federalist paper 52 summary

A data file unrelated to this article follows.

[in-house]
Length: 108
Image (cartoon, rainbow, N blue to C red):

It must be satisfactory to every State, because it is comfortable to the standard already established, or which may be established, by the State itself. 75-77 (Hamilton), Section XII: Judiciary: Federalist No. The provision made by the convention appears, therefore, to be the best that lay within their option. Those of the former are to be the same with those of the electors of the most numerous branch of the State legislatures. It was estimated that, with population growth, the number would be 200 in 25 years, and 400 in 50 years, which should put an end to all fears about the small size of the body. It was incumbent on the convention, therefore, to define and establish this right in the Constitution. In the second place it has, on another occasion, been shown that the federal legislature will not only be restrained by its dependence on its people, as other legislative bodies are, but that it will be, moreover, watched and controlled by the several collateral legislatures, which other legislative bodies are not. The first view to be taken of this part of the government relates to the qualifications of the electors and the elected. There would be small chance of organized resistance to such adjustments, for the people would demand changes to secure adequate representation. Those of the former are to be the same with those of the electors of the most numerous branch of the State legislatures. More important was the provision in the Constitution that there should be uniformity in the times of periodically electing members to the House of Representatives and the United States Senate. The only dependence of the representatives on the people consisted in the right of the latter to supply occasional vacancies by the election of new members, and in the chance of some event which might produce a general new election. The first view to be taken of this part of the government relates to the qualifications of the electors and the elected. And even these annual sessions were left so much at the discretion of the monarch, that, under various pretexts, very long and dangerous intermissions were often contrived by royal ambition. , when a revolution took place in the government, the subject was still more seriously resumed, and it was declared to be among the fundamental rights of the people that parliaments ought to be held FREQUENTLY. The term for which the representatives are to be elected falls under a second view which may be taken of this branch. In Chapter 54, as the number of each state's delegates to the House was to be determined by the size of its population, were slaves to be included? 69-74 (Hamilton), Section XI: Need for a Strong Executive: Federalists No. The history of this branch of the English Constitution, anterior to the date of Magna Charta, is too obscure to yield instruction. Of late, these shackles, if I mistake not, have been broken; and octennial parliaments have besides been established. In the second place, it has, on another occasion, been shown that the federal legislature will not only be restrained by its dependence on its people, as other legislative bodies are, but that it will be, moreover, watched and controlled by the several collateral legislatures, which other legislative bodies are not. Removing #book# I shall begin with the House of Representatives. The very existence of it has been made a question among political antiquaries. The history of this branch of the English Constitution, anterior to the date of Magna Charta, is too obscure to yield instruction. , that the intermissions should not be protracted beyond a period of three years. The qualifications of the elected, being less carefully and properly defined by the State constitutions, and being at the same time more susceptible of uniformity, have been very properly considered and regulated by the convention. 82 (Hamilton), Section XII: Judiciary: Federalist No. Let us bring our inquiries nearer home. Under these reasonable limitations, the door of this part of the federal government is open to merit of every description, whether native or adoptive, whether young or old, and without regard to poverty or wealth, or to any particular profession of religious faith. 2 (John Jay), Section I: General Introduction: Federalist No. TeachingAmericanHistory.org is a project of the Ashbrook Center at Ashland University, Privacy Policy This particular example is brought into view, not as a proof of any peculiar merit, for the priority in those instances was probably accidental; and still less of any advantage in SEPTENNIAL elections, for when compared with a greater frequency they are inadmissible; but merely as a proof, and I conceive it to be a very substantial proof, that the liberties of the people can be in no danger from BIENNIAL elections. Public domain, courtesy of the White House Historical Association. Under these reasonable limitations, the door of this part of the federal government is open to merit of every description, whether native or adoptive, whether young or old, and without regard to poverty or wealth, or to any particular profession of religious faith. FROM the more general inquiries pursued in the four last papers, I pass on to a more particular examination of the several parts of the government. 13 (Hamilton), Section II: Advantages of Union: Federalist No. The ability also of the Irish parliament to maintain the rights of their constituents, so far as the disposition might exist, was extremely shackled by the control of the crown over the subjects of their deliberation. Publius disputed this. To have submitted it to the legislative discretion of the States would have been improper for the same reason; and for the additional reason that it would have rendered too dependent on the State governments that branch of the federal government which ought to be dependent on the people alone. Under such a circumstance, no representative could be expected to learn much about national affairs either in the domestic or foreign field. 47–51 (Madison or Hamilton), Next Under the proposed constitution, the number of seats in the House of Representatives at the beginning would be 65. The qualifications of the elected, being less carefully and properly defined by the State constitutions, and being at the same time more susceptible of uniformity, have been very properly considered and regulated by the convention. 37-40 (Madison), Section VII: General Powers: Federalists No. Have we any reason to infer, from the spirit and conduct of the representatives of the people, prior to the Revolution, that biennial elections would have been dangerous to the public liberties? This provision had been attacked, but nothing was more evident than the "plain proposition, that every government ought to contain in itself the means of its own preservation." The Boston Tea Party is a major link in the chain of events that resulted in the form of government we enjoy today. We the subscribers being of the number, who did not assent to the ratification of the federal constitution, under consideration in… 12 (Hamilton), Section II: Advantages of Union: Federalist No. In Virginia, nevertheless, if I have not been misinformed, elections under the former government were septennial. That was a mistaken view. . 52–61 (Madison or Hamilton), Section X: United States Senate: Federalists No. Going back to colonial days, the states had fixed varying periods of election from one to seven years. A House representing every 30,000 inhabitants in the country would be "both a safe and competent guardian of the interests . Frequent elections are unquestionably the only policy by which this dependence and sympathy can be effectually secured. Frequent elections are unquestionably the only policy by which this dependence and sympathy can be effectually secured. The first to which this character ought to be applied is the House of Commons in Great Britain. . The first view to be taken of this part of the government relates to the qualifications of the electors and the elected. As it is essential to liberty that the government in general should have a common interest with the people, so it is particularly essential that the branch of it under consideration should have an immediate dependence on, and an intimate sympathy with, the people. The first to which this character ought to be applied, is the House of Commons in Great Britain. Virginia was the colony which stood first in resisting the parliamentary usurpations of Great Britain; it was the first also in espousing, by public act, the resolution of independence. On the accession of William III, when a revolution took place in the government, the subject was still more seriously resumed, and it was declared to be among the fundamental rights of the people that parliaments ought to be held frequently. Such electors could be trusted to choose fitting public-spirited persons to represent them and their various interests in the House of Representatives. This would depend on who was entitled to vote for the representatives. After the Tea Party, Britain responded with economic actions including a blockade of Boston Harbor. The provision made by the convention appears, therefore, to be the best that lay within their option. First. 41-46 (Madison), Section VIII: Structure of New Government: Federalists No. 78 (Hamilton), Section XII: Judiciary: Federalist No. 23-29 (Hamilton), Section V: Powers of Taxation: Federalists No. The first is, that the federal legislature will possess a part only of that supreme legislative authority which is vested completely in the British Parliament; and which, with a few exceptions, was exercised by the colonial assemblies and the Irish legislature. And even here, in order to avoid a research too vague and diffusive, it will be proper to confine ourselves to the few examples which are best known, and which bear the greatest analogy to our particular case. In Chapter 52, what should be the qualifications of the electors and the elected? 67 (Hamilton), Section XI: Need for a Strong Executive: Federalist No. Summary Essay 52: The House of Representatives Madison now inaugurates a series of essays that consider each branch of the national government and the various subdivisions of each branch in turn. To have submitted it to the legislative discretion of the States, would have been improper for the same reason; and for the additional reason that it would have rendered too dependent on the State governments that branch of the federal government which ought to be dependent on the people alone. In order to decide on the propriety of this article, two questions must be considered: first, whether biennial elections will, in this case, be safe; second, whether they be necessary or useful. The example of Ireland, from this view of it, can throw but little light on the subject. Previous No comment is needed on this section, which is simply an exposition and justification of the provisions in the proposed constitution about the House of Representatives: qualifications of members, by whom elected, and tenure of office.